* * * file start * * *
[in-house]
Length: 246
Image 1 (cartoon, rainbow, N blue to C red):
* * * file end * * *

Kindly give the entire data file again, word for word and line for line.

[in-house]
Length: 246
Image 1 (cartoon, rainbow, N blue to C red):